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How Much Protein Do Athletes Need And When Do They Need It?

With so much nutritional information out there at the moment, it's easy to get lost in the weeds about how much of a specific nutrient we need. Today we will be discussing protein intake and how much should be consumed daily. This will of course depend on various factors such as; age, size, activity level, training goals, training intensity, and genetics name a few. I will not get too in-depth about which type of protein each person should consume as that is based both on personal preference as well as each individual's tolerance to different types of protein. For example, if you are lactose intolerant you should probably avoid whey protein. Lactose intolerance is a condition in which the body has a deficiency in the enzyme lactase leading to symptoms such as bloating, abdominal cramping, and diarrhea if foods containing lactose are consumed. This includes many dairy products. If you suffer from a soy allergy it's important to avoid soy protein to avoid suffering from an immune system reaction. Some of the negative side effects include bloating, swelling, red skin, nausea, and vomiting. If you have more serious soy allergy symptoms you could suffer from anaphylaxis which requires immediate medical attention. Symptoms of anaphylaxis would include; trouble breathing, increased heart rate, light-headedness, dizziness, a drastic drop in blood pressure, or even blacking out. That being said, choose your protein sources wisely as this will ensure your body can focus on protein absorption and not body irritation.

Protein is the primary structure as well as a functional component of each human cell. It is used for growth, development, and repair. One of the main reasons behind dietary protein consumption is that it is needed for more muscle protein. Proper resistance training combined with a positive muscle protein balance will increase skeletal muscle through hypertrophy. Resistance training of various types stimulates the process of muscle protein synthesis where the body adds new protein to the muscle tissue. The current data suggest that athletes(or very physically active people) should consume between 1.2 to 2.0 grams of protein per kilogram of body weight or 0.5 to 0.9 grams of protein per pound of body weight per day. This holds for all different types of athletes from cross-country runners to competitive powerlifters.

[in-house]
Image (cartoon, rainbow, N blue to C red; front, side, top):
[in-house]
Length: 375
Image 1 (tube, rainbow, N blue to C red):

The amount of protein will largely depend on the intensity of your training regiment. If you are in a very intense stretch of a training program or have a lot of physical activities going on at once, target 0.9 grams of protein per pound of body weight per day. If you are a 150-pound athlete, then that would equate to 135 grams of protein per day. If you are in a less intense portion of your training program or have less overall physical activity going on, shoot for that 0.5 grams of protein per day. For a 150 pound athlete, this would be 75 grams of protein per day.

According to the American College of Sports Medicine, an athlete should consume between .1 and .17 grams of protein per pound of body weight within 0-2 hours post-training session. Consuming protein in this time window will increase the rate of protein synthesis. If you are a 150-pound athlete this equates to between 15 and 25 grams of protein depending on the intensity of your training session. This same idea can be repeated with meals throughout the rest of the day to help athletes build and repair muscles to maintain strength and a lean muscle mass.


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